What woodpeckers do
If you’re an avid birdwatcher, these are the behaviours to look out for
The most famous woodpecker pastime is drilling holes in wood. This action serves two very important functions. First, it allows the woodpecker to access insects embedded in the tree trunk and opens up a supply of tree sap. It also provides woodpeckers with safe tree hollows in which to nest.
Woodpeckers lack the complex musical abilities of songbirds, so they use their heads instead. Each species has its own unique sequence of drumming sounds that conspecifics can recognise. Banded woodpeckers use this to keep track of one another, as it’s important to stay in touch when mating season arrives.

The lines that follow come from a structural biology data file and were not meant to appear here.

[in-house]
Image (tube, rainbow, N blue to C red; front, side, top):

These birds aren’t kissing; this is an adult bird feeding its baby. Young woodpeckers progress rapidly, and this is partly due to the dedicated care of both parents. Each year the bird pairs only have one clutch of eggs, meaning they put in as much effort as possible to keep them happy and healthy enough to survive.
Any carpenter will know that working with wood creates a great deal of mess. All of that excess bark has to go somewhere, and this black woodpecker has a simple solution: drop it out of the window. This is an important task as it’s imperative for the nest to stay clean for the sake of the chicks.
Gila woodpeckers are most at home on the spiky plants of the American desert, even using their beaks to build holes into the cactus’ stem. The hole is left to dry for several months while the woodpeckers tend to damaged or diseased parts of the cactus, thereby maintaining the plant’s health.
Not all woodpeckers spend their time in trees; they’ll go wherever they can find insects to eat. The European green woodpecker lives most of its life on the ground gobbling up ants, which are plentiful in number. The birds don’t lay their eggs on the soil, however, and may even choose the very tops of trees to stay safe.